I grew up in German Town, Jamaica.
It's an old settlement of Germans who arrived on the island after slavery ended and indentured labor was reinstated. Almost two hundred years later, the small town is now home to many Jamaicans with blonde hair and blue eyes.
It was, without a doubt, an interesting place to live. We all got along well, and as far as I could tell, we had no racial tensions. In fact, despite the prevalence of White features, there was hardly a pure German left. Interracial couples and bi-racial children were the norm.
Today, you can find a rainbow of skin tones among the most beautiful dolls in the store. But, when I was growing up in German Town, that was not the case. Almost every doll I ever had looked like the people of German descent in my town, but none of them looked like me.
Even at three, I noted that this standard of beauty was celebrated by doll manufacturers and Hollywood. But, what about people who looked like me? Did we not fit any standard of beauty? I agonized over this for some time as a child.
When I asked my mom why I didn't look like my dolls, she thought I meant the feminine physique. So, she assured me I would fill out when I hit puberty. She was right—perhaps more right than I would like her to be—but it didn't answer the real question I was asking.
It also didn't help that the rest of my family was more "obviously mixed" than I was. I had the kinkiest hair and was routinely chastised for how much harder it was to take care of than everyone else's.
Who could blame them when they had easy wash-and-go curls?
So, I blamed myself.
In the years that followed, I grew to hate my hair. Like most Black women, I passed through years of looking for new ways to tame it into submission to fit the Eurocentric ideals of what it meant to be not just beautiful, but also professional and classy.
It was high school before the idea first dawned on me that I should give up the chemicals and return to my natural roots. The level of disapproval I received from others was worse than the self-doubt I already had.
It wasn't until my 20s that I finally found the courage to kick the self-doubt and the disapproval to the side. Ironically, my boyfriend at the time―who was White—played a big role in that decision.
"I don't understand," he said to me one day when I explained my predicament. "Why should you be forced to use chemicals to make your hair look like something it's not when that's not what you want. To h*** with them. Do what you want."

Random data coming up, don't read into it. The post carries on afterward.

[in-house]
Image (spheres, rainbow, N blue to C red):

It was the first time in my life that any man I dated had supported not just my decision to wear my natural hair, but also my decision to try dreadlocks.
Ultimately, the relationship didn't last, but his encouragement did. I continued with my natural hair journey against the wishes of the American company I worked for.
To appease them and at the advice of my hairstylist, I disguised my "baby dreads" inside braids until they came closer to maturity. Once I had a few inches of growth, I did the big chop.
I still remember the shocked looks on the faces of co-workers when I walked into work that December morning. I also remember the team leader who, perhaps jokingly and perhaps not, threatened to cut my locks if I didn't get rid of them.
It's been eight years since I started my lock journey and six years since I quit that job. Getting dreadlocks is still one of the best decisions I ever made.
Not only did I finally feel free to be myself—uncontained, unrestrained and unapologetically BLACK—but I had finally proven that wash-and-go hair was achievable for kinks.
To people born with wash-and-go hair already sprouting from their heads, this might not seem like an achievement worth noting.
They've probably never spent an entire weekend getting their hair braided.
Have never broken three combs in one sitting.
Never had a detangler become tangled in their hair.
Never had corporations and politicians decide whether they can be hired for wearing their hair naturally.
From a very young age, we are taught that Black hair is difficult hair.
It is untidy hair.
It is unprofessional hair.
It is unemployable hair.
It took me a quarter of a century to unlearn that racist conditioning and embrace my roots as they are.
Now, I know that Black hair is rebellious.
Black hair is proud.
It answers to no one—not even me.
And that is precisely what makes it beautiful, unique, and powerful.
In the past decade, I have witnessed a resurgence in Black women proudly wearing their hair as-is. At the same time, I have watched Black women lose battles with courts over their employability when sporting natural kinks and dreads.
In fact, California and New York are the only U.S. states where it is illegal for corporations to decide not to hire or promote me because I have natural hair or dreadlocks.
Two states. Out of fifty. Let that sink in.
We have a long way to go, not just in America but around the rest of the world. Yes, even in Jamaica, where dreadlocks gained its new-age popularity.
Until then, I will continue to embrace my remarkably real and rebellious roots.
I love them. Don't you?